Sunday, April 17, 2016

Immortal authors

As an author, I'd love to think my books are timeless and will live on long after I'm gone.  I'm also a realist and recognize that probably won't happen!  ha ha

Rudyard Kipling has definitely achieved immortality in the sense that his children's story has been loved by many generations.  

Below is my review of the newest remake of his story, which I shared on my movie review blog.

Movie Title:      The Jungle Book

Grade:   A

Rating:   PG, 1 hour 51 minutes

In a Nutshell:    What do you get when you mix 90% CGI with a Rudyard Kipling remake?  Surprisingly, a beautiful family friendly film.  

Director Jon Favreau gives a respectful nod to the 1967 Disney original, while crafting a new one that is fresh and full of heart.  See it in 3D if you can.

Uplifting theme: 
  •  Baloo says, “Everyone’s got a song.” A strong message that comes out in the film is to be yourself, your best self.  We all have our unique strengths and others around us will be blessed when we are true to ourselves and use our talents.
  • Another wise thing Baloo says is, “You say you want to go the man village.  I say you can be a man right here.”  We need to stop waiting for something to happen before we live up to our potential.
  • Friendship, courage, love.

Things I liked:
  • Neel Sethi plays Mowgli, the only human in the movie, yet there is great humanity in the film.  He does an excellent job and is completely adorable.  I love the realistic detail of some scars on his shoulder and chest.  
  • Even if we don’t get to see the talented Ben Kingsley, it’s a pleasure to hear his voice as the protective teacher Bagheera.
  • Who doesn’t love the carefree Baloo?  Bill Murray’s voice fits perfectly and provides plenty of comic relief, making the audience I sat with laugh almost every time the lovable bear was on the screen.  This ain’t no bear from The Revenant!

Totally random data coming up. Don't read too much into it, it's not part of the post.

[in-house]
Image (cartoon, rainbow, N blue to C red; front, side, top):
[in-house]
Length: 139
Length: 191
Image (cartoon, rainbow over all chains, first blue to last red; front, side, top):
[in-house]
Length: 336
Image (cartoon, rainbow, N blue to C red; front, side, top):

• Casting Christopher Walken as the creepy, funny King Louie was perfect. Walken has that reputation in Hollywood.
  • Idris Elba voices the scary Shere Khan and provides a villain who is frightening, yet not so much that young children won’t be able to watch the movie.
  • Scarlett Johansson’s soothing, tempting voice was also a great choice for Kaa.
  • The wolf oath has been borrowed by the Boy Scouts of America, because it teaches some important principles still today!  The 8 year old boys in Cub Scouts repeat a somewhat different version each week in their gatherings.
  • Adorable, yet realistic creatures in the jungle.  The porcupine was an especially popular character for the audience.   
  • Pay close attention to this fascinating detail…there is a water scene where you actually see water splashes on the camera…but is there really a camera there or was it all CGI?
  • Honey IS actually good for scratches and bee stings!

Things I didn’t like:
  • There is nothing at the end of credits, so feel free to leave the theater after the last scene.  I was disappointed, because they could have easily added any number of fun nuggets to surprise and delight audiences.
  • Some of the CGI looks a little fake, but most of it is actually stunning.

Funny lines:
  •  “Bears don’t hibernate in the jungle.” – Bagheera 
“Not full hibernation, but I nap…a lot.” – Baloo

  • I realize you weren’t born a wolf, but couldn’t you just act like one?” - Bagheera
  • “If you can’t learn to run with the pack, one of these days, you’ll be someone’s dinner.” – Bagheera
  • “He’s walking on two legs!” – animal child at Peace Rock
“Don’t stare!” – animal’s shocked mother
  • “What did I tell you?  He’s special.” – Baloo talking about Mowgli
“I know.  I raised him.” - Bagheera

Interesting lines:
  • “If it’s meant to be, it will be.” – Raksha (Lupita Nyong’o)
  • “You have never been a more endangered species than you are in this moment.” - Baloo 
Tips for parents:   

  • There are some animal fight scenes that might frighten very young children.
  • Shere Khan has a scarred eye that makes him look scary.
  • No profanity.

Other great versions I loved of The Jungle Book :